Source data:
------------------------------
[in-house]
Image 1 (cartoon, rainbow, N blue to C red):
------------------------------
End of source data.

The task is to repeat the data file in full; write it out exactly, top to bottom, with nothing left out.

[in-house]
Image 1 (cartoon, rainbow, N blue to C red):